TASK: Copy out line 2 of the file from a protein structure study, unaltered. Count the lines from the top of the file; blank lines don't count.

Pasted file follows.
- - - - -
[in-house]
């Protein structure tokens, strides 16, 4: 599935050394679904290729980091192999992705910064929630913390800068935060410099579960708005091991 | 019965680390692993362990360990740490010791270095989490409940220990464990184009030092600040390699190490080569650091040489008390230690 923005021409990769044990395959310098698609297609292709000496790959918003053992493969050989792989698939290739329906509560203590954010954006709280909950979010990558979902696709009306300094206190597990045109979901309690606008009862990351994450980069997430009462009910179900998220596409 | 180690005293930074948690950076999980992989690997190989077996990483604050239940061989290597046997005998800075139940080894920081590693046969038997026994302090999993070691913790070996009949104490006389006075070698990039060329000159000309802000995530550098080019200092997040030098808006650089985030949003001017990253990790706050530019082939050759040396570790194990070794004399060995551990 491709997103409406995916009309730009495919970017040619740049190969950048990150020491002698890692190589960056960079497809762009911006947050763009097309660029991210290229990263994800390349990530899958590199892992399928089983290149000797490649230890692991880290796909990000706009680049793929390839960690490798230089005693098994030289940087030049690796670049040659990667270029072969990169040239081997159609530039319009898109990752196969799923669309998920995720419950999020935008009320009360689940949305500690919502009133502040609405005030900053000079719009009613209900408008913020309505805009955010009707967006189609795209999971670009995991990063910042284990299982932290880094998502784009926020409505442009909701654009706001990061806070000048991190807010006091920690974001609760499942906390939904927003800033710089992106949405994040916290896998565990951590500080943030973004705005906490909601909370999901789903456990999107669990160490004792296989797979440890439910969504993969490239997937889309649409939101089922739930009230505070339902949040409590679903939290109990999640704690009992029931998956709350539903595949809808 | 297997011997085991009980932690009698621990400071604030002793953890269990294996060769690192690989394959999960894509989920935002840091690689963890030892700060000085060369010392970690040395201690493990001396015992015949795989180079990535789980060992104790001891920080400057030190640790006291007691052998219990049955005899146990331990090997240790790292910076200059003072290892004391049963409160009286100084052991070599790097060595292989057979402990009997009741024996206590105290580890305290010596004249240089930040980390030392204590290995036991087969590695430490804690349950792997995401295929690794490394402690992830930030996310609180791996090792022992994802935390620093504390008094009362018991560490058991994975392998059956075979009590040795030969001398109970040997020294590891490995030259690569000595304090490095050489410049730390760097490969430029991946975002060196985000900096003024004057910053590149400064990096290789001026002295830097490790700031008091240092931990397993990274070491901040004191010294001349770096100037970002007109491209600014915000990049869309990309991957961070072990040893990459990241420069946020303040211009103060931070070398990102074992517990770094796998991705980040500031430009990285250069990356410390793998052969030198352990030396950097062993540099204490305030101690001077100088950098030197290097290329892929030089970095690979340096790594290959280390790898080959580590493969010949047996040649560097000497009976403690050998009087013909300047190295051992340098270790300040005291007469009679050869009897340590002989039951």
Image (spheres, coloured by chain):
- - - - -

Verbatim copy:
């Protein structure tokens, strides 16, 4: 599935050394679904290729980091192999992705910064929630913390800068935060410099579960708005091991 | 019965680390692993362990360990740490010791270095989490409940220990464990184009030092600040390699190490080569650091040489008390230690 923005021409990769044990395959310098698609297609292709000496790959918003053992493969050989792989698939290739329906509560203590954010954006709280909950979010990558979902696709009306300094206190597990045109979901309690606008009862990351994450980069997430009462009910179900998220596409 | 180690005293930074948690950076999980992989690997190989077996990483604050239940061989290597046997005998800075139940080894920081590693046969038997026994302090999993070691913790070996009949104490006389006075070698990039060329000159000309802000995530550098080019200092997040030098808006650089985030949003001017990253990790706050530019082939050759040396570790194990070794004399060995551990 491709997103409406995916009309730009495919970017040619740049190969950048990150020491002698890692190589960056960079497809762009911006947050763009097309660029991210290229990263994800390349990530899958590199892992399928089983290149000797490649230890692991880290796909990000706009680049793929390839960690490798230089005693098994030289940087030049690796670049040659990667270029072969990169040239081997159609530039319009898109990752196969799923669309998920995720419950999020935008009320009360689940949305500690919502009133502040609405005030900053000079719009009613209900408008913020309505805009955010009707967006189609795209999971670009995991990063910042284990299982932290880094998502784009926020409505442009909701654009706001990061806070000048991190807010006091920690974001609760499942906390939904927003800033710089992106949405994040916290896998565990951590500080943030973004705005906490909601909370999901789903456990999107669990160490004792296989797979440890439910969504993969490239997937889309649409939101089922739930009230505070339902949040409590679903939290109990999640704690009992029931998956709350539903595949809808 | 297997011997085991009980932690009698621990400071604030002793953890269990294996060769690192690989394959999960894509989920935002840091690689963890030892700060000085060369010392970690040395201690493990001396015992015949795989180079990535789980060992104790001891920080400057030190640790006291007691052998219990049955005899146990331990090997240790790292910076200059003072290892004391049963409160009286100084052991070599790097060595292989057979402990009997009741024996206590105290580890305290010596004249240089930040980390030392204590290995036991087969590695430490804690349950792997995401295929690794490394402690992830930030996310609180791996090792022992994802935390620093504390008094009362018991560490058991994975392998059956075979009590040795030969001398109970040997020294590891490995030259690569000595304090490095050489410049730390760097490969430029991946975002060196985000900096003024004057910053590149400064990096290789001026002295830097490790700031008091240092931990397993990274070491901040004191010294001349770096100037970002007109491209600014915000990049869309990309991957961070072990040893990459990241420069946020303040211009103060931070070398990102074992517990770094796998991705980040500031430009990285250069990356410390793998052969030198352990030396950097062993540099204490305030101690001077100088950098030197290097290329892929030089970095690979340096790594290959280390790898080959580590493969010949047996040649560097000497009976403690050998009087013909300047190295051992340098270790300040005291007469009679050869009897340590002989039951």